Pixar has a next-to-flawless track record, but in recent years they’ve been slipping. Aside from 2015’s singular Inside Out (my favorite Pixar film) and 2017’s Coco, we’ve been seeing lots of sequels and good ideas executed poorly. Soul was one of my most anticipated films of the year, and that’s mostly because Pete Docter, one of Pixar’s original founders, was back in the director’s chair. The trailers suggested the film shares a great deal in common conceptually with Inside Out, and I was excited to learn how far Pixar would let Docter take this weird concept that is clearly not ideal for a kid’s movie.
Joe Gardner (Jamie Foxx) is a struggling New York City jazz pianist who has just been offered a promotion to continue working as a middle school band teacher full time. His mother (Phylicia Rashad) wants him to take the job and finally have some stability, and he’s constantly underwhelmed with where he has ended up. He always thought he was destined to become a great musician, and has never been given his big break.
That is, until one day when Joe is called for a gig with a respected jazz musician, and it’s all he’s ever wanted – the culmination of what he’s worked for his whole life. And then, as he’s walking down the street, he falls down a manhole and doesn’t exactly make it. Joe gets turned around in the afterlife and ends up in the Great Before – where new souls get their personalities and quirks before going to earth. He’s teamed up with 22 (Tina Fey), a soul that does not want to go to earth and has been avoiding it for generations. They must team up to teach each other a lesson about why life is always worth living.
As far as Pixar movies go, there’s always a tightrope being walked of keeping every potential audience member entertained. There’s the more sophisticated nuanced emotional messaging for adults, and there’s the heightened screwball comedy and insane dreamy technicolor world-building for kids. I would say that Soul has less to offer children than perhaps any other Pixar film, and that’s saying something. Soul finds itself in a very Inside Out-ish kind of place of ‘what would a physical manifestation of a soul look like?’ They’re these colorful blob-shapes that can form into whatever they want, and they’re just cute enough to work for merchandising, and hopefully they’re cute enough to keep kids entertained, because the kids are unlikely to find the deeper meaning in the existential crisis of it all.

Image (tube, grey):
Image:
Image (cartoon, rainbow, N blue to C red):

It’s also a dazzlingly rendered New York movie. Lots of the animation looks so realistic, it makes you feel like you’re actually walking these busy city streets and like these people we encounter seem like real people. There has been a lot of internet discourse about the representation in this film, and it’s not really my responsibility to speak on that. However, I will say that a lot of these interactions, a lot of conversations particularly between Joe and his mother, seem grounded in a warmly vivid sense of reality, and nothing feels over the top when it’s not supposed to.
Jamie Foxx and Tina Fey are doing terrific voice work, and it feels like a lot of what we get is the two of them just doing in-character improv, because this movie is overall much funnier than you’d think. A significant chunk of it plays like a screwball buddy comedy with lots of jokes about historical figures that are obviously only there for the older members of the audience. Docter’s script, co-written by Mike Jones and Kemp Powers (who is having a moment, between this and One Night in Miami) doesn’t rely on cheap or easy humor, and doesn’t pretend it has the answers to the biggest abstract questions it poses, but it does bring up a lot of truly fascinating ideas.
Soul has been out on Disney+ for a while now, and I’ve taken some time finishing this review, because there are plenty of aspects of this film to consider when summarizing how much it works or why it works, and there’s a lot here I’m still thinking about it after two months and several viewings of Soul. I think this is ultimately one of Pixar’s better films, and it’s one that has more emotional staying power for me. I still hold onto hope that in the post-pandemic world, there’s a demand to watch the films we missed theatrically, projected like they were originally intended, because Soul made me deeply long for the theatrical experience. But, as we’ve seen many times throughout the last horrific year, the best movies will sweep you off to somewhere new regardless of how you watch them. And I feel like Soul will continue to do so no matter how many times I watch it.